It took about a year to complete the project, which included finding the funding, says Sylliboy, which came through Nova Scotia’s Department of Communities, Culture, Tourism and Heritage, Telus’ Future Friendly Foundation, and the Mi’kmaq Confederacy of Prince Edward Island.

The scripts for the five episodes, which were written by Talking Planet content creator Cadi Catlow, had to be reworked, says Poulette, who teaches an adult Mi’kmaq immersion program in Bear River First Nation.

“I think as part of our language loss, we're accommodating the English language, even though we're (Mi’kmaw) speakers. When we're asked to translate something, we translate it the way an English sentence is,” said Poulette.

One script called “Bath Time,” Poulette recalls, focused on the bathtub.

“My grandkids are four and five, and…they'll never use (the word) ‘bathtub’ because, really, our language is verb-based. So what they would use is just the action. Washing yourself or getting into the tub. Not describing the bathtub. We don't care about the bathtub. We care about what they're doing in the bathtub. So I switched it up and we sat for many hours teaching (Catlow) the difference,” said Poulette.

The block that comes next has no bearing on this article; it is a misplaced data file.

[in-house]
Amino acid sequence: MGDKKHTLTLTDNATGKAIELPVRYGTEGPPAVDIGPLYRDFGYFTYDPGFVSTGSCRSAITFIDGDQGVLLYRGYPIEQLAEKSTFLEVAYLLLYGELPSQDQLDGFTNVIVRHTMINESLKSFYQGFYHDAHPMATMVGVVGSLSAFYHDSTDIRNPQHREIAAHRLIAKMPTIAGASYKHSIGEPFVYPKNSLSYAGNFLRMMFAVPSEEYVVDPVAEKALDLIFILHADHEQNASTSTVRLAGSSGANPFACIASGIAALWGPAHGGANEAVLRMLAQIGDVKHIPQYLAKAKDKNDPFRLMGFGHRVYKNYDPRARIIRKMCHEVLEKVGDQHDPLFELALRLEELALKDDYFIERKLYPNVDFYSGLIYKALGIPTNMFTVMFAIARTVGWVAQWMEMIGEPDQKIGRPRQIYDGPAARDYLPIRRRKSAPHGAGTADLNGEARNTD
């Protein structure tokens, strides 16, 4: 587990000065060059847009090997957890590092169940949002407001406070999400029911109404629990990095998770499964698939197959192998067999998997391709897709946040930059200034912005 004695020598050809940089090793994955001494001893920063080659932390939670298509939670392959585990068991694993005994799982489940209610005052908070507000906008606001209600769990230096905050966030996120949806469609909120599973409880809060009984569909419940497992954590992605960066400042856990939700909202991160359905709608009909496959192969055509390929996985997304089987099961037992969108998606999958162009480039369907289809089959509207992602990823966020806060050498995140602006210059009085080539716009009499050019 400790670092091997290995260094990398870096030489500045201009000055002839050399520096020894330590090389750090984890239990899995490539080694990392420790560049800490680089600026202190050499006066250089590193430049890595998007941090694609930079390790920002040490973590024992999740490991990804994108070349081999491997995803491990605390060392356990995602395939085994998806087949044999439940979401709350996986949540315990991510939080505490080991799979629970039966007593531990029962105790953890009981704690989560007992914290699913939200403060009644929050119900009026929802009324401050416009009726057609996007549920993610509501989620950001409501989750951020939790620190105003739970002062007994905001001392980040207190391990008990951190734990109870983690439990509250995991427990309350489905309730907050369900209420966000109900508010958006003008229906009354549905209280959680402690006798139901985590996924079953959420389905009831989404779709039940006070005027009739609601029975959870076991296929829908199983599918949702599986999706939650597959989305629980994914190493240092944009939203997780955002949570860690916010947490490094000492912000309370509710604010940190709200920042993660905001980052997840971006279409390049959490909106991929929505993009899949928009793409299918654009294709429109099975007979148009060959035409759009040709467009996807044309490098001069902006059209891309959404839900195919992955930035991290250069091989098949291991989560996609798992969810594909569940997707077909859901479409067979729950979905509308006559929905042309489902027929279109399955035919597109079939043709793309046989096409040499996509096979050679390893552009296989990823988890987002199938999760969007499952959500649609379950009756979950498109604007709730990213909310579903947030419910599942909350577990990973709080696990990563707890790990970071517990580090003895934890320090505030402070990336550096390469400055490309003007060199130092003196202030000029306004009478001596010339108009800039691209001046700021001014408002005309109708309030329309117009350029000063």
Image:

All five six-minute episodes were recorded in a single day.

“How we recorded was to sound it because our children aren't fluent in the language. We would break up the words and sound it and they would clump the word together,” said Poulette, who along with Johnson served as language coaches.

For Johnson, the impact of the videos was heartwarming.

Although Mi’kmaw is a complicated language, she says, the words used in the videos were simple enough to say for her eight-year-old granddaughter Christina Mae Stevens, who was one of three children to voice the characters.

“My granddaughter is not fluent in Mi’kmaw. And when we did that video…that's the first time she had ever spoken Mi’kmaw for that length of time. And she was so proud of herself. And she was amazed that she could speak the language,” said Johnson.